Scientists from Deakin University and elsewhere found dairy foods may influence depression risk.
Cultured buttermilk, sour cream, and yogurt are among the most common fermented dairy products in the Western world.
Previous studies have found the health benefits of fermented dairy products.
Fermented dairy foods have been associated with obesity prevention and reduction of the risk of metabolic disorders and immune-related pathologies.
Fermented foods could cause these health benefits by providing the consumer with both easily metabolizable nutrients and beneficial microorganisms
However, evidence on the association between fermented dairy and nonfermented dairy intake, and depression risk is limited.
In this study, researchers examined the associations between total dairy, fermented dairy, and nonfermented dairy intake with 1) the presence of depressive symptoms and 2) the risk of a future diagnosis of depression.
They used data from 2603 Finnish men (aged 42-60 y) from the Kuopio Ischaemic Heart Disease Risk Factor Study.
The team found that highest fermented dairy intake (compared with lowest) was linked to lower risks of having depressive symptoms.
However, each 100-g increase in nonfermented dairy intake was linked to higher risks of having depressive symptoms.
During a follow-up time of 24 years, 113 men received a diagnosis of depression.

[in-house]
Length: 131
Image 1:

After excluding cheese intake, the team found higher fermented dairy intake was linked to a lower risk of depression diagnosis, which was strengthened after excluding those with elevated depressive symptoms before the follow-up.
But highest nonfermented dairy foods were associated with a much higher risk of depression.
Based on the findings, the team concludes that fermented dairy and nonfermented dairy intake are differentially linked to depression outcomes over a period of 24 years.
These findings suggest that dairy fermentation may influence the association between dairy intake and depression in Finnish men.
The research was published in The Journal of Nutrition and conducted by Meghan Hockey et al.
If you care about depression, please read studies that a vegetarian diet may increase your depression risk, and Vitamin D could help reduce depression symptoms.
For more information about nutrition, please see the recent study about why pizza is a very addictive food, and the MIND diet could improve cognitive health in older people.
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